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Larry Leon “Corky” Nienhiser, 83, died Thursday, July 14, 2022, at home, surrounded by his family. Cork was born April 3, 1939, at Fitzgibbon Hospital, Marshall, Missouri. The second of three children born to Elmer and Selma (Kalthoff) Nienhiser of Blackburn, Mo., he was baptized on April 23, 1939, at Zion Lutheran in Blackburn, and confirmed in the faith at Zion on March 29, 1953.
As a young boy, he got his nickname because he had a cap like Corky from the Our Gang films. He attended the one-room Zion Lutheran School in Blackburn through eighth grade, then graduated from Blackburn High in 1957. He earned a BS in agriculture in 1961 from the University of Missouri-Columbia. After college, he was recruited to a quality control position at H. J. Heinz in Muscatine, Iowa. He married his high school sweetheart, Frances Buck, at Zion on October 13, 1962. While living in Muscatine, they helped found Our Savior Lutheran Church.
In 1965, tired of never seeing the sun, Cork quit Heinz and applied to MU’s veterinary school. Not accepted at first, he was undaunted and began graduate work, taking classes in Ag-Chem. He applied again successfully in 1966. While pursuing his DVM, daughter Jill was born in Columbia in December 1969 and adopted into their family in January 1970. Corky graduated that spring and took a veterinary intern position in Higginsville, Mo. Daughter Susan was born in February 1972.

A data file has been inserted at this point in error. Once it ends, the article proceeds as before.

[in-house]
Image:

Cork moved the family to Lexington, Mo. and opened a temporary clinic. He and Frankie bought their land in 1972, where Frankie still resides. They lived first in the property’s hulking old farmhouse, and Jill and Susan had a magical childhood on their “little farm in town,” with barns to play in, fruit trees and berry bushes to snack from, a “holler” and railroad tracks to explore, and a menagerie of cats, dogs, pigs, goats, horses, cows, chickens, and ducks.
Cork and Frankie built Lexington Veterinary Clinic on their property and opened in 1976. With Frankie as office manager, the two of them ran the clinic until October 1998. He focused his practice on cats, dogs, cows, and hogs. He took classes at the Lafayette County Vo-Tech school to learn computer programming and set up an accounting system for the clinic.
A man of many talents, he built swings and toy boxes for the girls and a dollhouse with hundreds of hand-whittled wooden shingles. This was good practice for when he later designed the new house that he and Frankie built in 1983, where he lived until his death. He taught Jill and Susan to ride bikes and hit softballs and neuter dogs. He loved to be outdoors working and telling his daughters to pick up sticks so he could mow. He and Frankie kept a vegetable garden for many years. In the winter he would get bored and want something to do with his hands. Frankie put needle and embroidery hoop in them, and soon each of the girls had a beautifully embroidered quilt. He went to imaginative lengths to keep the magic of Santa Claus alive.